Adam Arvidsson, “Brands: A Critical Perspective”

Adam Arvidsson, “Brands: A Critical Perspective,” Journal of Consumer Culture, Vol. 5(2): 235-258, 2005.

  • Intro
    • Value of brands in case of Martha Stewart
    • “it is meaning-making activity of consumers that forms the basis of brand value”(237).
    • Douglas Holt: “postmodern brand management” – offers brands as ‘cultural resources’; capitalizes on what consumers produce with those resources.
    • Naomi Klein (in No Logo): brands – tendency to colonize public space,…
    • Arvidsson: a model for “how ‘looking’ can be conceptualized as ‘labor’“; “how the human ability to create … an ethical surplus – a social relation, a shared meaning, an emotional involvement that was not there before – around a brand can be understood as the direct basis of its economic value“(237).
    • Autonomist Marxism: from a Fordist production process to post Fordist system of production (more diffuse and expended).

      = include both “productive aspects of consumption” + “controlling or exploitative aspects of brands”


    • Part1 : Brands = a form of capital; a resource that generates value
      • What kind of labor can be the source of such brand value?
      • Consumption = can be conceptualized as one manifestation of the ‘immaterial labor’
    • Part2 : how brands can function as capital (both formally and in reality)
      • brands provide different kinds of mediatic spaces that pre-structure and anticipate the immaterial production of consumers: spaces where it unfolds as the production of a particular form of life”(238)
    • Part3 : how brand-capital actually generates value from consumption-labor
      • M-C-M’ formula
      • how brands can be said to exploit consumers
    • Conclusion : suggests that “the relation between brands and consumption can be understood as exemplary of how capitalism has responded to the condition of post-modernity.”


  • Brand Value
    • Brand value… represents an important immaterial asset in contemporary capitalism.
    • Interbrand : the value of the world’s 100 most precious brands = $434 billion in 2001

      = 4% of US GDP = 3 times US adv. Expenditure

    • David Aaker: consider the “emotional and self-expressive benefits as well as functional benefits”(239) – building brand equity =attachment around the brand (experiences, emotions, attitudes, lifestyles, loyalty…)
    • “Brands are monetizable symbolic values” (Groz)
    • Who produces these immaterial assets?
    • Brand managers? Or consumers?


  • Consumption as Immaterial Labor
    • Consumption = “labor” = an activity that produces value
    • Different paradigm of consumption
      • traditionally, consumption = activity occurs in the domain of circulation

        ≠ produce value (240)

      • value of female reproductive household work
    • Lash & Urry : contemporary production process must include circulation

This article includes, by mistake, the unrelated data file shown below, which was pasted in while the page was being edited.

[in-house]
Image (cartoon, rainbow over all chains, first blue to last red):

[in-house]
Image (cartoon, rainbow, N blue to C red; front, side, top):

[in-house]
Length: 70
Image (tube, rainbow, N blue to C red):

“inclusion of circulation” – blurring of the boundaries between circulation & production – information economy

    • Circulation of information = production of information
    • Autonomist Marxism (integration of production + circulation)
      • Negri + Alquati : integration of communication and production is a central characteristic of the post-Fordist labor process
      • socializing worker“: ability to put communicative action to work in producing a meaningful framework for the production process (communication -> production process) ( Cf. Cyber-Marx, p. 79-80, “socialized worker”).
      • Maurizio Lazzarato: “immaterial labor” – practices that produce either the immaterial content of commodities, or the social context of production itself (241).
        • utilizes a common ability to interact and socialize; common symbolic framework; common knowledge; common jargon…
        • these common competences are based in symbolic repertoire diffused by a virtually omnipresent media culture. àGeneral Intellect” (ubiquitous symbolic resource)à immaterial labor produces “ethical surplus” (a social relation, a shared meaning, or a sense of belonging).
        • the ‘cycle of immaterial production’ presupposes the existence of a ‘socialized and autonomous labor force.’
        • “one of the most important instances of immaterial labor transpiring outside of salaried organization is consumption. Contemporary consumers do not simply use up resources, rather they produce a social relation…within which goods can make sense.”
      • Consumer studies (cultural studies, anthropology, critical consumer studies) (242)
        • modern consumers ≠ passive victims of producer interests

          = they actively engaged in the social construction of the value of consumer goods, and functioned as part of the productive dynamic that has driven capitalist development.

        • Consumption = productive activity
        • “consumption produces a common in the form of community, a shared identity or even a short lived ‘experience’ that adds dimensions of use-value to the object”
        • The immaterial productivity (that consumers engage in) is ‘free’: unpaid + beyond the direct control of capital (Terranova).


  • Brand Management
    • Modern, or Fordist marketing – attempt to take control on the productivity of consumer
    • “While these attempts met with varying degrees of success, it is clear that the intent was to